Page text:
Ever since the union movement began, workers have been in an arms race with bureaucracy. That system of management has continued to create effective ways to divide and conquer our collective power. Don’t mistake the in-house bickering of your workplace as a fault in the system – it’s a feature.
To escape this Orwellian endgame, it helps to have an armchair understanding of some studies into human psychology that took place at the start of the 20th century. From the Milgram experiments that revealed how individuals submit their moral choices to authority figures, to the Stanford Prison experiment that showed how willingly we become those authority figures if given a little power over our peers, the findings of these experiments – though far from conclusive – all seem to paint a dark picture of human behaviour. You do not need a dictator to control a group of individuals. With the right kind of system, individuals will control themselves.
Corporate strategy wants to make us believe that we alone have the power to change our situation.
The set-up of this game begins with the economic demands of employment that force workers into a trade-off between pleasure and pain. In a public school, like any modern workplace, the calculation looks something like this: work hours × accountability × conflict ÷ remuneration = stress. Plug in whatever numbers you like to see how this looks for you, but a simple subjective scale of 1–10 for each variable will make the problem clear.
You might not have the highest level of pay, but if your accountability and conflict levels are low, then your level of stress is probably manageable. Or you might want to start backwards and define your current level of stress, then solve for one of the other variables to see where the problem lies in your current work equation. But it’s when we try to change the numbers that the gears of bureaucracy wind up to full speed and reveal all the ways in which the odds are stacked against us.
The current corporate strategy wants to make us believe that we alone have the power to change our situation: with enough mindfulness routines, we can ignore the lack of time and money. Even if you’ve seen through this, it’s still all too easy to fall for the old trick of making you blame your stress on someone else.
On any typical day in any typical school, you will find teachers grumbling about leaders who seem to have forgotten what a full teaching load is like, while those same leaders grumble about teachers not appreciating the accountability pressures they’re under. Meanwhile, education support staff are grumbling about how much less they make than teachers. And the only thing everyone seems to agree on is that the students are the real problem. For that, we blame the parents.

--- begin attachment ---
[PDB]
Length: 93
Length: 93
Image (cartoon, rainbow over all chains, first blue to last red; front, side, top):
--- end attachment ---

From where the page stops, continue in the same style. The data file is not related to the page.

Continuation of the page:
Add to this standard mess a special measure of external stress, brought on by a global pandemic, and you can start to see why the past 12 months have been getting so many of us down.
This is the most important lesson bureaucracy took from all those unethical experiments. If you want to win the workplace game, set things up so that workers are too busy pointing fingers to see – let alone change – that it’s the system creating the problem. Add to this standard mess a special measure of external stress, brought on by a global pandemic, and you can start to see why the past 12 months have been getting so many of us down.
There is another test, however – a thought experiment known as the Prisoner’s Dilemma – which can offer some hope. Not only is it more ethical to conduct, but its findings are more verified, as it’s been repeated many times. First devised by a mathematician studying game theory (the process of modelling the strategic interaction between two or more competing players), the Prisoner’s Dilemma was meant to prove the assumption that, if given the option to either work together for equal reward or betray their companion for individual gain, a purely rational agent would always make the selfish choice. The results instead showed that humans have a natural instinct for cooperation, which confounded the mathematicians then and continues to strike fear into the hearts of the corporations that seek to control us.
As we continue to fight for better workplaces, we must treat each other with dignity and reject any offer that might further divide us. The government oversees our pay, hours and accountability. It is only through our union that we have the chance to change them. This is one equation we have to solve together.